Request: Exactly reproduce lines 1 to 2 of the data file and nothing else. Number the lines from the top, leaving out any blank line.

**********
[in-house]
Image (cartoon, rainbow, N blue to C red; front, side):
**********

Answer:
[in-house]
Image (cartoon, rainbow, N blue to C red; front, side):